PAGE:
1) the nature and circumstances of the defendant’s conduct, including whether the conduct posed a high risk of danger to the public or caused physical harm or property damage;
2) the defendant’s driving record, including the defendant’s age and length of time as a licensed driver, and the number, seriousness, and frequency of prior infractions;
3) whether the defendant was infraction-free for a substantial period before the most recent violation or whether the nature and extent of the defendant’s driving record indicates that there is a substantial risk that he or she will commit another violation;
4) whether the character and attitude of the defendant indicates that he or she is likely or unlikely to
commit another violation;
5) whether the defendant’s conduct was the result of circumstances unlikely to recur;
6) whether a license suspension would cause excessive hardship to the defendant and/or dependents; and
7) the need for personal deterrence.
Any other relevant factors clearly identified by the court also may be considered.
In addition to the foregoing, the Court reasoned that comparisons to motor vehicle statutes that impose mandatory license suspensions also may be a useful guide in some cases. It is not necessarily the number of factors that apply but the weight to be attributed to a factor or
Download a copy of State v. Moran.
[07/12/10 – 10:53 am] In a decision handed down this morning, the Appellate Division ruled in State v. Federico that jail terms imposed as a result of multiple traffic ticket convictions arising out of a single incident may not exceed 180 days in municipal court. The case involved a defendant who was convicted of a third offense DWI and driving on the revoked list as a result of a prior DWI conviction. The each of these offenses requires a jail term and the combination of the two terms exceeded 180 days in municipal court. However, the Appellate Division ruled that the maximum sentence to which the defendant could be sentenced was 180 days. In arriving at this holding, the Court noted that federal constitutional law would permit a sentence exceeding 180 days following the conviction for a variety of petty offenses stemming from the same incident. However, as a matter of long-standing policy, in the absence of the offer of a jury trial, 180 days of incarceration is the maximum permitted in our state for convictions of multiple petty offenses arising from the same incident.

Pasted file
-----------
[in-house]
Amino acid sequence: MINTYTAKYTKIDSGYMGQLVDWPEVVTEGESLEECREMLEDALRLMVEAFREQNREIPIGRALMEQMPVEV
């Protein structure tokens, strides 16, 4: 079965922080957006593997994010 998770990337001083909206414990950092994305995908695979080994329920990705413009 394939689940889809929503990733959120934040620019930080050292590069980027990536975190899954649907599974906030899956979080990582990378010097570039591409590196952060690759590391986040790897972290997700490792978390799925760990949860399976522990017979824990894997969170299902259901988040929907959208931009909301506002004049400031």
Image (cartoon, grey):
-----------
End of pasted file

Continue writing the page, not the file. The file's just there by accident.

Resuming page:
Download a copy of the case, State v. Federico.
[07/12/10 – 10:21 am] In a stunning 4-3 decision, the New Jersey supreme Court ruled this morning in State v. Marquez that a person who has been arrested for drunk driving has the right to be informed of the obligation to submit to a breath test in the language he speaks. The Court’s holding reversed an Appellate Division decision which had upheld the conviction of a defendant who had been read the standard warning statement (commonly known as paragraph 36) in English even though he only spoke Spanish. In order to implement the new procedures for those who speak foreign languages, the Court will rely upon the efforts of the Attorney General and the Motor Vehicle Commission to provide a means of having paragraph 36 available in a wide variety of foreign languages spoken in our state.
Download a copy of the case, State v. Marquez.
[07/03/10 – 6:30 pm] In an opinion released Friday by the Appellate Division, the Court ruled that although an investigating trooper had ample probable cause to conduct a search of an 18-wheel truck he had lawfully stopped on Interstate 78, the criminal evidence he recovered as a result of the search had to be suppressed because the trooper did not demonstrate the exigent circumstances required in New Jersey under the automobile exception to the warrant requirement.
This decision is a critically important holding in the line of cases following State v. Pena-Flores, 198 N.J. 6 (2009). It marks another step in the development of the court’s analysis as to what constitutes sufficient exigency under New Jersey law to support the automobile exception.
Download a copy of the case, State v Pompa.
In an opinion released yesterday by the Appellate Division, the Court ruled that before charging a refusal violation, the police should read the second part of the DWI standard statement (paragraph 36) to defendants in those circumstances where the defendant gives an initial, unqualified consent to submitting a breath sample and thereafter is unable or unwilling to provide an adequate sample for analysis.
Download a copy of the case, State v. Schmidt.